shoulder, for the LORD of all things had carried the Cross for his
sake. But the servant, though he long held out with a good heart, at
each step lost courage and zeal. Then very shame came to his aid; he
would not do less than his master; he could not return to the court,
while the King held on his way alone. But when they came forth on the
white, bleak moor, his courage failed.
"My liege," he said, "I cannot go on. The wind freezes my
very blood. Pray you, let us return."
"Seems it so much?" asked the King. "Was not His journey from
Heaven a wearier and a colder way than this?"
Otto answered not.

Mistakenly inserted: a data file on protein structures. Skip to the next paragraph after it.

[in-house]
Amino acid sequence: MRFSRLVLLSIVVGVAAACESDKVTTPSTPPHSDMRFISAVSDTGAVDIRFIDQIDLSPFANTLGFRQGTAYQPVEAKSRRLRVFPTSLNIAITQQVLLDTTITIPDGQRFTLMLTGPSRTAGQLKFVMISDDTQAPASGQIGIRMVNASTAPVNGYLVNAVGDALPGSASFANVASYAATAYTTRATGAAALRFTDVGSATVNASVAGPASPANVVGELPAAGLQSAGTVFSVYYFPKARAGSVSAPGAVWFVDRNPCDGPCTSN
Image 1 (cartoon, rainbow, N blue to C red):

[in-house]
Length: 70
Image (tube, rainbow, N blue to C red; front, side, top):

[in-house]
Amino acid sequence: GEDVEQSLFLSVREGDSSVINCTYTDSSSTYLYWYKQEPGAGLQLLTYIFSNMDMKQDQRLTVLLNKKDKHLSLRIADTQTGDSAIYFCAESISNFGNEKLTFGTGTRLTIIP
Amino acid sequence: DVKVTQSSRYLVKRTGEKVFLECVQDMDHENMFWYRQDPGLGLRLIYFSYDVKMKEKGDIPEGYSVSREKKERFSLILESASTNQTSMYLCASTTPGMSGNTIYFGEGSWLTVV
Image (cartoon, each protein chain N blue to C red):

"Follow me on still," said S. Wenceslaus. "Only tread in my
footsteps, and you will proceed more easily."
The servant knew that his master spoke not at random. He
carefully looked for the footsteps of the King: he set his own feet in
the print of his lord's feet.
And so great was the virtue of this Saint of the Most High,
such was the fire of love that was kindled in him, that, as he trod in
those steps, Otto gained life and heat. He felt not the wind; he heeded
not the frost; the footprints glowed as with a holy fire, and zealously
he followed the King on his errand of mercy.
You can download the text above in
pdf format to more easily print it and read it to your children --
whom, as I say on the page about St. Stephen's feast, I hope you tell
to think of King St. Wenceslaus when they see footprints in the snow!
Perhaps you can get them, when seeing snowprints, to consider how they
can be more
charitable to others -- and how others have been charitable with them,
helping them to develop a deep sense of